After alcohol restrictions win, Dene Nation looks at treatment

A bottle of hand sanitizer sits inside Yellowknife's downtown liquor store on April 16, 2020
A bottle of hand sanitizer sits inside Yellowknife's downtown liquor store on April 16, 2020. Sarah Pruys/Cabin Radio

The NWT’s decision to effectively ration alcohol in liquor stores is a “victory for all people in the Northwest Territories,” said Dene National Chief Norman Yakeleya on Thursday.

The territory’s finance minister, backtracking to a degree on statements made last week, implemented new regulations curbing the amount of alcohol anyone can buy in one day.

You can now only spend up to $200 per day in any given liquor store, and can’t buy more than six mickeys (375-ml bottles of spirits) per 24-hour period.

The Dene Nation had for weeks urged the territory to take similar action.



Yakeleya told reporters: “This is a victory that has demonstrated that when we put aside our differences and we work together for the good of all the North, we can take a step higher [as a people].”.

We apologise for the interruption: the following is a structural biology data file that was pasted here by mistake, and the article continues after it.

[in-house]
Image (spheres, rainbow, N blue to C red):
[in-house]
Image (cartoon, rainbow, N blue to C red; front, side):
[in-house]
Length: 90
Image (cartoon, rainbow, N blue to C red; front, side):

The next step, said the national chief, is finding ways to support people who depend mentally and physically on alcohol.

“We are now into the research and design models that we want to bring forward to the federal government, due to the fact that we cannot leave people in a mess when we ask them to get well by weaning off alcohol,” said Yakeleya.

“We would ask you to stay tuned as we continue to develop a unique approach to helping people, recognizing that some people will need a medical detoxification program.”



Yakeleya acknowledged any such program would have to work around restraints introduced by the NWT’s chief public health officer to slow the spread of Covid-19. He wants to examine working with Alberta’s Nechi Institute, an Indigenous training, research, and health promotion centre.

Yakeleya said some positives may yet come from the pandemic’s impact on the territory.

“Covid-19 would give a push for us to look at returning … alcohol and drug programs back to the North,” he said. “This gives a wonderful opportunity to have on-the-land treatment programs in the Dene way, using our Dene Elders and our Dene people – who have left alcohol and know what needs to be done to maintain their sobriety from alcoholism.”

Yakeleya hopes to present a plan to the territorial government before May.

“Today we hear the premier making an announcement on one of the points in our motion and that [took] two weeks,” said Yakeleya.

“So … maybe within two weeks we would have something that would be given to the government.”